10. riya says:

    hi,
    I am doing a research on integration of health care services n mobile application example-u can get appointment through sms or may be once u have feed the prescription on your handset u will be probed when u need to take the medicine etc).If u have any relevant information about the same plz share it.My email -riya.bvp@gmail.com

  11. SAGAR BHATIA says:

    Hi,

    We have applications which can solve all this purpose. Application called as KONEKT by MOBIKON technology, which works on GPRS.With this application you can book table in any restaurant , home delivery even you can ask for a painter,electrician….infact they are working on doctors appointment too. you just need to type KONEKT and send it to 56070, then you can install the application on to your handset.

  12. Jack says:

    More than free mbs and downloads – what is needed is strong applications which will drive data usage.

  13. Moblog says:

    Even we launched a free Mobile Blogging Platform MoBlog and we are dissapointed. Mobile blogging is so in thing elsewhere but not for Indian Bloggers.
    Get your MoBlog at http://moblob.mobi

  14. GooseBerry has made it possible to be connected with your Emails 24 X 7, without internet or GPRS connection. You can receive and reply to your emails using SMS. You can select which emails get to reach you on your phone. The Email content is compressed by upto 30% to ensure that you get only the important part of email on your phone. All that one needs is a mobile phone that supports SMS. It works across GSM and CDMA networks.

    Typically people spend heavily on costly devices (20 – 30K) and data plans (800 – 1100 per month) to be able to stay in touch with their emails. WithGooseBerry you can acheive the same with as amount low as Rs 95 per month! A 40 person company can save around Rs 24 Lakh over a 2.5 years period by using GooseBerry instead of currently available options.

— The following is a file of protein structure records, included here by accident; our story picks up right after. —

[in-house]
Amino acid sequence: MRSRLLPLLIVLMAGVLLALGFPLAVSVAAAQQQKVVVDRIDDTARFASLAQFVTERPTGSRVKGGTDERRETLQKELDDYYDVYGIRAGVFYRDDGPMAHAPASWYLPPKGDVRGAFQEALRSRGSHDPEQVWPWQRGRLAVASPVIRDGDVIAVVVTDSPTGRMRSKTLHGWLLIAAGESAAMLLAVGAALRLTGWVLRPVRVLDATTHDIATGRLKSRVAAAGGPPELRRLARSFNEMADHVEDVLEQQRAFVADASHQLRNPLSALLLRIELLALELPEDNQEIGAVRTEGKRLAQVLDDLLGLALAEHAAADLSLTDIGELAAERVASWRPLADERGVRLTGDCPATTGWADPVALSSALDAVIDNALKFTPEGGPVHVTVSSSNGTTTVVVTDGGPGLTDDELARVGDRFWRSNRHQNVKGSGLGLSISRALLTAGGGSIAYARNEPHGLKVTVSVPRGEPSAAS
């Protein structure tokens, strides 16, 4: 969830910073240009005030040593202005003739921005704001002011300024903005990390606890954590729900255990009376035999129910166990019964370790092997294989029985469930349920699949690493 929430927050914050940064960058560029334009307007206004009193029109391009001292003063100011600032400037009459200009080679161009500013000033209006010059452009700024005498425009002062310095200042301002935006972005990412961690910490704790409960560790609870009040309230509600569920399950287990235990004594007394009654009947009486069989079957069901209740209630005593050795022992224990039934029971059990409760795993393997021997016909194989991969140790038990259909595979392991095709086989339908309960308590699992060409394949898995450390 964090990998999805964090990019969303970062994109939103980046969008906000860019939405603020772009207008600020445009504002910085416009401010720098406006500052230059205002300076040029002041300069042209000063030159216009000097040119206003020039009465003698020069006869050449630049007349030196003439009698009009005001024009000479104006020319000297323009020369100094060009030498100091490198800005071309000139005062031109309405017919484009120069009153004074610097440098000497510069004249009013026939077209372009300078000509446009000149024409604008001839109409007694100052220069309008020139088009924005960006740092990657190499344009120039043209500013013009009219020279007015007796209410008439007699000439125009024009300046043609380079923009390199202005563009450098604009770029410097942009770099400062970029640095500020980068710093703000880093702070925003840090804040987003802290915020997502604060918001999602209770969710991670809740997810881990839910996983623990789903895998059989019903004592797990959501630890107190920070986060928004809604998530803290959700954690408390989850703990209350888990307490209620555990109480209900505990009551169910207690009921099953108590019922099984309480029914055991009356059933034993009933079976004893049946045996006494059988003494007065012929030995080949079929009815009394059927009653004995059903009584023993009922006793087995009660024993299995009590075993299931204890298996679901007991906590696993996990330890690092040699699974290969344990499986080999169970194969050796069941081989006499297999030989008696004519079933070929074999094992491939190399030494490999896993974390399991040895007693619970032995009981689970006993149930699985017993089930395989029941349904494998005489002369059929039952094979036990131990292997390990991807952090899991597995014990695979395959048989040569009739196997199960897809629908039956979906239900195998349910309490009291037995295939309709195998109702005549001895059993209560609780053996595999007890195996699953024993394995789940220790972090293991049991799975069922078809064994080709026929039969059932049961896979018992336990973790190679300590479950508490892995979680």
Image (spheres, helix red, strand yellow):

Gooseberry supports 37 email servers as of Jan 2009, including corporate emails, gmail, yahoo, ibibo etc. Every day support for more email servers is being added as users from various companies are requesting for the same.

    Few Advantages of GooseBerry.in
    The service runs on any mobile on the planet without needing to install anything.

    You don’t need to have a special hardware i:e Blackberry or Mobile with GPRS/3G capability
    Cost: The cost of this service is a fraction of the rental cost of Blackberry or data plan (GPRS) which you would have.
    You can create filters so that you dont get unwanted emails on your device.

    There are no extra charges on roaming as well (Saves quite a bit of money).

    It takes minutes to start this service for you.

    With every one going into cost saving mode, this might be the solution companies are looking for!

  15. GooseBerry has made it possible to be connected with your Emails 24 X 7, without internet or GPRS connection. You can receive and reply to your emails using SMS. You can select which emails get to reach you on your phone. The Email content is compressed by upto 30% to ensure that you get only the important part of email on your phone. All that one needs is a mobile phone that supports SMS. It works across GSM and CDMA networks.

    Typically people spend heavily on costly devices (20 – 30K) and data plans (800 – 1100 per month) to be able to stay in touch with their emails. WithGooseBerry you can acheive the same with as amount low as Rs 95 per month! A 40 person company can save around Rs 24 Lakh over a 2.5 years period by using GooseBerry instead of currently available options.
    Gooseberry supports 37 email servers as of Jan 2009, including corporate emails, gmail, yahoo, ibibo etc. Every day support for more email servers is being added as users from various companies are requesting for the same.

    Few Advantages of GooseBerry.in
    The service runs on any mobile on the planet without needing to install anything.

    You don’t need to have a special hardware i:e Blackberry or Mobile with GPRS/3G capability
    Cost: The cost of this service is a fraction of the rental cost of Blackberry or data plan (GPRS) which you would have.
    You can create filters so that you dont get unwanted emails on your device.

    There are no extra charges on roaming as well (Saves quite a bit of money).

    It takes minutes to start this service for you.

    With every one going into cost saving mode, this might be the solution companies are looking for

  16. Susheel says:

    i am using gprs (EDGE) for the last two years for google maps, emails, weather, etc and its fast enough for the purpose but very slow for downloading softwares, etc purpose…there is no awareness for the internet connectivity and the rates should be cheaper also…